Let’s look at another example of how those simple building blocks are put together to form something greater. This time, we’ll take inspiration from a presentation by Marc Feeley: “The 90 minute Scheme to C compiler“. In a slide on tail calls and garbage collection, the sample code, in Scheme (a dialect of Lisp), is shown with a tail call recursion approach thus:

(define f
  (lambda (n x) 
    (if (= n 0) 
        (car x) 
        (f (- n 1) 
           (cons (cdr x) 
                 (+ (car x) 
                    (cdr x)))))))

If you stare long enough at this you’ll realise two things: It really only uses the core functions car (first), cdr (rest) and cons. And it’s a little generator for finding the Nth term of the Fibonacci sequence:

(f 20 (cons 1 1)) ; => 10946

I love that even the example call uses cons to construct the second parameter.

I read today, in “Farewell, Marvin Minsky (1927–2016)” by Stephen Wolfram, how Marvin said that “programming languages are the only ones that people are expected to learn to write before they can read”. This is a great observation, and one that I’d like to think about a bit more. But before I do, I’d at least like to consider that studying the building blocks of language helps in reading, as well as writing.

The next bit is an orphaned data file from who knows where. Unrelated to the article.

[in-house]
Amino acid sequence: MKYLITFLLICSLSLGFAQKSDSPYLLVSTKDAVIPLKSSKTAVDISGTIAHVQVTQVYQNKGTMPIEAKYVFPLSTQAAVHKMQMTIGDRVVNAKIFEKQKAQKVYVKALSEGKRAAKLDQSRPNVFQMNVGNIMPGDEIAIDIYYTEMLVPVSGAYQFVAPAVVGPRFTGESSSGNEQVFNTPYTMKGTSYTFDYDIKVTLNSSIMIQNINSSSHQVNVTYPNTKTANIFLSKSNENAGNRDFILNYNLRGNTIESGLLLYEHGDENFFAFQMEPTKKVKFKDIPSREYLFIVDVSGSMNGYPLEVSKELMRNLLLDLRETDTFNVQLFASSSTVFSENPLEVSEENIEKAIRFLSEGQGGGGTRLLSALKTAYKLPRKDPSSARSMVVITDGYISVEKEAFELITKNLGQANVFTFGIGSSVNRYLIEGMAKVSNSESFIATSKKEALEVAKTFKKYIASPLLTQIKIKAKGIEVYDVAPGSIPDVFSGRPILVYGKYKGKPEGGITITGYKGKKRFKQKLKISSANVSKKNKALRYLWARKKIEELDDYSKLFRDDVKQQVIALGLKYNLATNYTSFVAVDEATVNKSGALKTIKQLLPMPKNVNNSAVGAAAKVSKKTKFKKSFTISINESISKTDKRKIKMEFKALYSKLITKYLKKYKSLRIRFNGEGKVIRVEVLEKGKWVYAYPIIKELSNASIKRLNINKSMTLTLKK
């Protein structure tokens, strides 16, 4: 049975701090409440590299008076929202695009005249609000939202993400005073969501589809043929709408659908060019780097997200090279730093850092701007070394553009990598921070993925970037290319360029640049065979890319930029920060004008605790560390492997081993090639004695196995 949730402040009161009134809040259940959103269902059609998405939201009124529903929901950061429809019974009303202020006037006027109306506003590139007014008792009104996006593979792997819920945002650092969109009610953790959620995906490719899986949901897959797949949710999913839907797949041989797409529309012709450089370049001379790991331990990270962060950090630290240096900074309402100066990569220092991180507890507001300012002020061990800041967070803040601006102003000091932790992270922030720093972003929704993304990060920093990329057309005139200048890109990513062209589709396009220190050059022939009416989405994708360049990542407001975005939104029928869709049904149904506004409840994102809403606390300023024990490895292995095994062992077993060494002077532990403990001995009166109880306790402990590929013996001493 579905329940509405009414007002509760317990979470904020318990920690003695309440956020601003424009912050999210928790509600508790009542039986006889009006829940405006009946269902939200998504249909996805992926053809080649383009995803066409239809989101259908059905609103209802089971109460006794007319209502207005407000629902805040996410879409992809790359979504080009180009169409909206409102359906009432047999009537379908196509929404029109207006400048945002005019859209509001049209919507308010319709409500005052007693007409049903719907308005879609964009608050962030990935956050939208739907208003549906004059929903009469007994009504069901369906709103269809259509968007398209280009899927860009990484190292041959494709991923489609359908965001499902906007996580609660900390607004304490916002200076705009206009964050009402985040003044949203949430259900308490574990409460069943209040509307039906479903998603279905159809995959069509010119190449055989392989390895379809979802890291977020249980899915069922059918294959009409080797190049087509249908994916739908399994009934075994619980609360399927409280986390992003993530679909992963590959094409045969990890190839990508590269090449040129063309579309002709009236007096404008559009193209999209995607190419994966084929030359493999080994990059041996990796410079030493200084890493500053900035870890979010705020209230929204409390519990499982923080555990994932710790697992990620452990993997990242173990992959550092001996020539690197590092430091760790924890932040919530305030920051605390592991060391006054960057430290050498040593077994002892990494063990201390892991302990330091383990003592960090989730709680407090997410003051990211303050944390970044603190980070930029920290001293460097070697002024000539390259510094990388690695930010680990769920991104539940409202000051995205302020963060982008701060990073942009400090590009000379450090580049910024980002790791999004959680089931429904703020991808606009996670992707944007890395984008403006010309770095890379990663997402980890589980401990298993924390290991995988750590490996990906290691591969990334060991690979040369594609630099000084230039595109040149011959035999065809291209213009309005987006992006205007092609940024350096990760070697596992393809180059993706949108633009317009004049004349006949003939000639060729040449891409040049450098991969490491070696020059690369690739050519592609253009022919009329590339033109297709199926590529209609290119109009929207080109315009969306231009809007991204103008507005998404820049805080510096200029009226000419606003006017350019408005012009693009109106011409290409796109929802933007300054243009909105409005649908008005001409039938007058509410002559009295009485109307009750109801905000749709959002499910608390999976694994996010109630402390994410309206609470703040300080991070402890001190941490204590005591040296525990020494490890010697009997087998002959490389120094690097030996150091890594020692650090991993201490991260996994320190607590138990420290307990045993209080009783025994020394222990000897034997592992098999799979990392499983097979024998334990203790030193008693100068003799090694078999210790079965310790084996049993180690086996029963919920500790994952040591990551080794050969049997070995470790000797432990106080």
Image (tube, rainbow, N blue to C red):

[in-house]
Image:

My journey to Clojure

I’m learning Clojure. Slowly, but hopefully surely. Clojure is a Lisp, which I like saying, because it makes me sound as though I know what I’m talking about and that my language experience is as old as the hills. Perhaps the only thing that is valid there is that I’m old. But anyway.

Actually, one of the things about Clojure that appeals to me is that it is a Lisp. One of the books I remember buying when I was still in my early teens was Artificial Intelligence by Patrick Henry Winston. I still have it, a second printing from 1979. While I didn’t understand very much of it, I was somewhat mesmerised by the Lisp forms, written in all caps and with beautiful bracket symmetry. Lisp cropped up again for me a few years later, in the amazing book Gödel, Escher, Bach by Douglas Hofstadter, and it was equally mesmerising.

So when I finally discovered Clojure, I decided to delve beneath the shimmering surface that had heretofore had me transfixed, and experience the beauty from within.

One of the recurring patterns emerging from what I read, even at that early stage, was that of “head and tail”. This is alternatively known as “first and rest”, or, going back to early Lisp origins, “CAR and CDR“. Given a sequence, the idea is that you can get hold of the first item, and everything but the first item (the rest), as two separate addressable entities. You do something with the first item, and then repeat the process where the sequence becomes what you had just before identified as the rest.

There’s something appealingly simple in this pattern, not just because it’s something that we can all immediately understand, but also because there’s an unspoken truth that is about the general approach of sequential data structures, and data structure processing in general. It can perhaps be summed up nicely in an epigram from Alan Perlis thus:

It is better to have 100 functions operate on one data structure than 10 functions on 10 data structures.”